Article metrics loading...

The graphs shown below represent data from March 2017
Loading full text...

Full text loading...



  1. Icahn School of Medicine at Mount Sinai, 2018. Mount Sinai Health System Social Media Guideline. Available at: http://icahn.mssm.edu/about-us/services-and-resources/faculty-resources/handbooks-and-policies/faculty-handbook/institutional-policies/social-media-guidelines. Accessed February 8, 2018.
  2. Lee Ventola C, 2014. Social media and health care professionals: benefits, risks, and best practices. P T 39: 491520.
    [Google Scholar]
  3. Pew Research Center, 2018. Social Media Fact Sheet. Available at: http://www.pewinternet.org/fact-sheet/social-media/. Accessed February 7, 2018.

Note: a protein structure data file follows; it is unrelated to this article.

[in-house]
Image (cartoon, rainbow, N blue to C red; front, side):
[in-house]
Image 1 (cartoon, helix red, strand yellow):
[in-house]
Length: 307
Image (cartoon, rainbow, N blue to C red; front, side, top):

4. Kesselheim JC, Schwartz A, Belmonte F, Boland KA, Poynter S, Batra M; Association of Pediatric Program Directors Longitudinal Educational Assessment Research Network (APPD LEARN) Study Group on Social Media and Professionalism, 2016. A national survey of pediatric residents’ professionalism and social networking: implications for curriculum development. Acad Pediatr 16: 110114.
    [Google Scholar]
  5. Lagu T, Greysen SR, 2011. Physician, monitor thyself: professionalism and accountability in the use of social media. J Clin Ethics 22: 187190.
    [Google Scholar]
  6. Institute of Medicine (US Committee on the US Commitment to Global Health), 2009. The U.S. Commitment to Global Health: Recommendations for the Public and Private Sectors. Washington, DC: National Academies Press.
    [Google Scholar]